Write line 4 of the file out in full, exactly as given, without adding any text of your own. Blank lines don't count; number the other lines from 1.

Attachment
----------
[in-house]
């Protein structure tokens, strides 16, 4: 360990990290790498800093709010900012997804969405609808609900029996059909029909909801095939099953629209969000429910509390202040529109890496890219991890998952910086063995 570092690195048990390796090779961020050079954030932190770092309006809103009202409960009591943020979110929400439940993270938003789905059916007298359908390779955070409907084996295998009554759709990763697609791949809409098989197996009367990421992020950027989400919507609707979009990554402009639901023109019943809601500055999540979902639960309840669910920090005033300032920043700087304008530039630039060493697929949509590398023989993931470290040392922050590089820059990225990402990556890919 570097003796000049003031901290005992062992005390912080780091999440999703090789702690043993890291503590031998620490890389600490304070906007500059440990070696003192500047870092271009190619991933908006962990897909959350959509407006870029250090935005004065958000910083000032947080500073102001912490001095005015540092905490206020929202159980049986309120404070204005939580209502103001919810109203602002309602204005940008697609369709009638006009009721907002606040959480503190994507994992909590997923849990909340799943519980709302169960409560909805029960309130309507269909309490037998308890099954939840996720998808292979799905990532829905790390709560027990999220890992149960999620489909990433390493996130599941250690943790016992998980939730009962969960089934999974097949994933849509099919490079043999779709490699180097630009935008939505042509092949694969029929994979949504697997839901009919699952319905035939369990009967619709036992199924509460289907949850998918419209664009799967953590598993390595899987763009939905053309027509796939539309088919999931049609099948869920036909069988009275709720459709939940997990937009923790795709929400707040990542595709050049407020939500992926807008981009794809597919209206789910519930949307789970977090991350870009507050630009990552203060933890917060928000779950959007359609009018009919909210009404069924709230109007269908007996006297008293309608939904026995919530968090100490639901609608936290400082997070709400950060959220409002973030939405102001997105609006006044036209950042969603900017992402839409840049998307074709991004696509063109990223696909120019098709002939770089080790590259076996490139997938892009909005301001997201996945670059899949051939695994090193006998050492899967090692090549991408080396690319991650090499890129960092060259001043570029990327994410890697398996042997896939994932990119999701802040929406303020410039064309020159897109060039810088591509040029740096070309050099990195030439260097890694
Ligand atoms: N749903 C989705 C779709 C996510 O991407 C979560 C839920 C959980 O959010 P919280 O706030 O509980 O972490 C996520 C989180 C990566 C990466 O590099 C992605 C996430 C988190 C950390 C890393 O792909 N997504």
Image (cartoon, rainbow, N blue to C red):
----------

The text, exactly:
Image (cartoon, rainbow, N blue to C red):